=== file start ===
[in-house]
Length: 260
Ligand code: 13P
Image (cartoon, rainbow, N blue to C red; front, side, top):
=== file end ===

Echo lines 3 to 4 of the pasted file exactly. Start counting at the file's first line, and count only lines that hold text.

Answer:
Ligand code: 13P
Image (cartoon, rainbow, N blue to C red; front, side, top):